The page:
Twister slams Crosstown, MBC responds
Bethlehem church finds new strength after a tornado
CROSSTOWN – Steve Francis, pastor of Bethlehem Baptist Church, had his vacation cut short Sept. 22 by a tornado that essentially leveled this community of a little more than 100 people. The sanctuary and the parsonage were ruined as well as 13 homes of church members.
Francis was going to preach at a cowboy church service in Bollinger County while his father was going to fill the pulpit at Crosstown. After hearing about the tornado, the men reversed assignments. A stunned Francis tried to collect his thoughts as he drove back to his home area a few miles from the Mississippi River and about 16 miles southeast of Perryville.
Francis began by calling the church treasurer. The treasurer’s wife answered and told her pastor that the house around the phone was no more.
“It was kind of a surprise that the phone even worked,” Francis said.
Law enforcement officials told the pastor that he could not get into the area that night because of the looters. No one was getting in and out of Crosstown, Francis was told. He had to wait until the morning of Sept. 23.
“I thought it was a war zone,” he said. “It just was devastated—everything you saw. Nobody’s house was saved, just pieces missing here and there.
“When I got to the parsonage, where we had our place, it was nothing but a flat slab. Everything was gone. Some of them at least had possessions that they were finding. We couldn’t find anything. It was just gone.”
The church was still standing but ravaged to the point where it can no longer be used by the congregation.
“We got most of the possessions out of the church,” Francis said. “It has substantial water damage, and I don’t know what we’ll be able to save, but at least we got the possessions out of the church and into a storage building.”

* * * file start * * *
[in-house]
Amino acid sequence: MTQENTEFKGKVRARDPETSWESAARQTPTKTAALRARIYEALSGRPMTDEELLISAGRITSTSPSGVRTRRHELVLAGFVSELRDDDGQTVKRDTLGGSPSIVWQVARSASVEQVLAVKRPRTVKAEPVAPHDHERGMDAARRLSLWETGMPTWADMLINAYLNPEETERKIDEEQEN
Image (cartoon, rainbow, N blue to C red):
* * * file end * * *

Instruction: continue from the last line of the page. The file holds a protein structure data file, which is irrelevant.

Francis figured maybe 15-20 people would show up for church on Sept. 24. He was blessed by the presence of about 60. Services could not be held inside the unsafe shell of the building, so Francis preached a simple message out of Acts 2:46 on how the early church was in one accord.
“I said, ‘That’s what we have to be,’” Francis said. “‘We have to come together in one accord and know that this is what God has done for us.’ Even in our human error of saying ‘Why,’ we know that God has a better plan.”
A Missouri Baptist Disaster Relief worker named Sharon Hadler, a member of First Baptist Church, Perryville, snapped a photograph of the Bethlehem church members doing all that they knew how to do in the open air that day to hold their congregation together.
“The church is what you see standing there in a circle, holding hands and saying, ‘We are in one accord, we are doing what God wants us to do,’” Francis said.
The pastor was struck by how positive everyone who came to church that day seemed to be. He cited the upbeat testimony of one deacon, who commented, “Well, I have a few loose bricks, but I know that God’s going to put them all back together somehow or another.” Francis finished the story.
“His house is just simply a rubble of bricks,” he said. “That’s all it is.”
The tornado was so bad that Gov. Matt Blunt felt compelled to visit Crosstown on Sept. 26 to view the destruction and ensure that the state is doing its part to help the area rebound. Missouri Baptist Convention (MBC) Executive Director David Clippard met with Francis in the community Sept. 29 and presented him with a $1,000 check, as well as financial help for the families who lost their homes. But while property loss was severe, there were no serious injuries or deaths, Francis noted.
The spirit of the church—the people, not the building—is strong.
“We’re going to rebuild in Crosstown,” Francis said. “We’ve already outgrown our children’s church. We knew that we were going to have to do something. God just answered prayers before we prayed for them.
“We didn’t expect it this way, but now we can build us a fellowship hall big enough to have a children’s church that will seat 50-100 kids. There are just blessings there that we didn’t expect.”
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